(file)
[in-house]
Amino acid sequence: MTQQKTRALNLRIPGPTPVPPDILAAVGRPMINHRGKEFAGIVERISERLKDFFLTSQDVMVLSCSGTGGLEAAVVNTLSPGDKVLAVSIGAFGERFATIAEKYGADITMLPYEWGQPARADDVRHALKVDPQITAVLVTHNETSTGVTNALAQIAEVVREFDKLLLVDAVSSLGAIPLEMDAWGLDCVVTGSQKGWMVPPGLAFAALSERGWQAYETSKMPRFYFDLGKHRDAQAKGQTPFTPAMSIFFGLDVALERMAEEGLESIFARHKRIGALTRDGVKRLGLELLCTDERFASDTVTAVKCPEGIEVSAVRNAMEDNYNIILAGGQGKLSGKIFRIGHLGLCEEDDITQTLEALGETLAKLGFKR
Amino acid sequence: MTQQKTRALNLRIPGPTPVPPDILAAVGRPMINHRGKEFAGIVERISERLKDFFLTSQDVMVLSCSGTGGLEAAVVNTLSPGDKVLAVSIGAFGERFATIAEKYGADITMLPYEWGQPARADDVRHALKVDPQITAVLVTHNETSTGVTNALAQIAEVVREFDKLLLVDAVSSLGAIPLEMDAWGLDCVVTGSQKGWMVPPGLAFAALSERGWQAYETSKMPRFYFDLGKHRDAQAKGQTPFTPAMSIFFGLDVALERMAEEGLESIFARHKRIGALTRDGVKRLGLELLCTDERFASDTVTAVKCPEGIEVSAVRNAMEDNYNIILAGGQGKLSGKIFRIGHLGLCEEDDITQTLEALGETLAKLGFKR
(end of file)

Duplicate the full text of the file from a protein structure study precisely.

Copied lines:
[in-house]
Amino acid sequence: MTQQKTRALNLRIPGPTPVPPDILAAVGRPMINHRGKEFAGIVERISERLKDFFLTSQDVMVLSCSGTGGLEAAVVNTLSPGDKVLAVSIGAFGERFATIAEKYGADITMLPYEWGQPARADDVRHALKVDPQITAVLVTHNETSTGVTNALAQIAEVVREFDKLLLVDAVSSLGAIPLEMDAWGLDCVVTGSQKGWMVPPGLAFAALSERGWQAYETSKMPRFYFDLGKHRDAQAKGQTPFTPAMSIFFGLDVALERMAEEGLESIFARHKRIGALTRDGVKRLGLELLCTDERFASDTVTAVKCPEGIEVSAVRNAMEDNYNIILAGGQGKLSGKIFRIGHLGLCEEDDITQTLEALGETLAKLGFKR
Amino acid sequence: MTQQKTRALNLRIPGPTPVPPDILAAVGRPMINHRGKEFAGIVERISERLKDFFLTSQDVMVLSCSGTGGLEAAVVNTLSPGDKVLAVSIGAFGERFATIAEKYGADITMLPYEWGQPARADDVRHALKVDPQITAVLVTHNETSTGVTNALAQIAEVVREFDKLLLVDAVSSLGAIPLEMDAWGLDCVVTGSQKGWMVPPGLAFAALSERGWQAYETSKMPRFYFDLGKHRDAQAKGQTPFTPAMSIFFGLDVALERMAEEGLESIFARHKRIGALTRDGVKRLGLELLCTDERFASDTVTAVKCPEGIEVSAVRNAMEDNYNIILAGGQGKLSGKIFRIGHLGLCEEDDITQTLEALGETLAKLGFKR